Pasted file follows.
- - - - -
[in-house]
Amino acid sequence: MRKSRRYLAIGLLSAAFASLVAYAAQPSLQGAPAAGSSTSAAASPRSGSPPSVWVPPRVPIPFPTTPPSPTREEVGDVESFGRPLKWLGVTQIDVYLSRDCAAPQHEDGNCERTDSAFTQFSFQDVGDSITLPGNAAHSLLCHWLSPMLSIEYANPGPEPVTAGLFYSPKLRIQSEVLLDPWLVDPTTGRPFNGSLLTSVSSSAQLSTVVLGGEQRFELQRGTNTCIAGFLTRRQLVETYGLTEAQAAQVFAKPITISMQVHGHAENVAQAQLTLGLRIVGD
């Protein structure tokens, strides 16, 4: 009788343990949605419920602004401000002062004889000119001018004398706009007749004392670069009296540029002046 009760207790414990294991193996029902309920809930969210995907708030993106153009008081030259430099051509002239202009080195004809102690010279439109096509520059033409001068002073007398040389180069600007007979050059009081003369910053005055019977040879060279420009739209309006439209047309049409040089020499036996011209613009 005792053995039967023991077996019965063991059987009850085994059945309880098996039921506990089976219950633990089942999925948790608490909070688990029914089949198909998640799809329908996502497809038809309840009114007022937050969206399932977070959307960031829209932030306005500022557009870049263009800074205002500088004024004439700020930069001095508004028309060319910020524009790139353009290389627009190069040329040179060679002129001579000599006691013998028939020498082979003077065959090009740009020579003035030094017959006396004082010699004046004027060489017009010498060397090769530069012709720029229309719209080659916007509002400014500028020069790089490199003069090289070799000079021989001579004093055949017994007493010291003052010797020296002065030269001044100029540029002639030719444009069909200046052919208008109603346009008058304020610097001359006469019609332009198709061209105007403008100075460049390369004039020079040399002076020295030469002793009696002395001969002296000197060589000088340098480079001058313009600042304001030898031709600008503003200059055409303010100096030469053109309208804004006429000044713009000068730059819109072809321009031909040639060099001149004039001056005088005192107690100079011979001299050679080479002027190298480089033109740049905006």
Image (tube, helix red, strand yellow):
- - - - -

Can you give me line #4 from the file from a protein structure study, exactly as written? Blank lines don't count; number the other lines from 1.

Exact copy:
Image (tube, helix red, strand yellow):